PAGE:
George posted the link to this editorial in the comments of a post some considerable time ago (so it seems now). So this is another old post which has been lying around on the hard drive... Anyway the link is:
Making sense of a seemingly odd connection
It gives an overview and extension of the ideas included in a paper in the same edition of the European Heart Journal
TRAK2, a novel regulator of ABCA1 expression, cholesterol efflux and HDL biogenesis
Both papers are steeped, very deeply, in the Lipid Hypothesis. As such, the chances of them doing anything useful for anyone at all are vanishingly small. Because TRAK2 reduces HDL formation and knocking it down increases HDL, the obvious conclusion is:
"TRAK2 may therefore be an important target in the development of anti-atherosclerotic therapies"
Another target to raise HDL... Sigh, here we go again.
You have to understand that, in the 1950s, the Lipid Hypothesis was bollocks. At no point has anything ever been found to alter that situation. As such I find it very hard to worry about ApoB counts, ApoB sizes, oxidised LDL etc etc etc. including low HDL. Manipulating these numbers by sugar avoidance and saturated fat inclusion will do good. Manipulating them with drugs will bomb. We all still giggle over torcetrapib, anacetrapib, any-other-etrapib and their astronomical, yet useless, levels of HDL.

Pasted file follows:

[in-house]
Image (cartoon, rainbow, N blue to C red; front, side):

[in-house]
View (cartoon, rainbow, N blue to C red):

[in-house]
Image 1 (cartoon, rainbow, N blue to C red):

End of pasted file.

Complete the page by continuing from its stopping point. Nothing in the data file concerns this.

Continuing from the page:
However, there is that one simple intervention which raises HDL in an effective and totally non toxic manner.
That is saturated fat. Monounsaturated fat is neutral and omega six PUFA lowers HDL. The editorial points out, very perceptively, that not only is 27-hydroxycholesterol a key messenger in HDL formation, but that HDL can be viewed as an export mechanism for free radicals.
Saturated fat raises HDL. Saturated fat drives FADH2 facilcitated RET through complex I in the mitochondria. This process is, undoubtedly, beneficial. Is it the RET which drives the HDL formation? Whether the rise in HDL itself is of benefit or whether the benefits accrue solely from the RET, generated by palmitic acid, which facilitated its formation is an interesting area to speculate in.
MUFA are less effective at RET and HDL generation than saturates. PUFA are useless at both RET and (subsequent?) HDL formation.
HDL, as a vehicle for ROS modified sterols, might be good for you per se. Raising HDL without the ROS/oxidised sterols will be useless. Forget TRAK2.
Just my two penneth.